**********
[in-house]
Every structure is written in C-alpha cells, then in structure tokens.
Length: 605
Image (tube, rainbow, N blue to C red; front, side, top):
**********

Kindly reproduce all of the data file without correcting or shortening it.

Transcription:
[in-house]
Every structure is written in C-alpha cells, then in structure tokens.
Length: 605
Image (tube, rainbow, N blue to C red; front, side, top):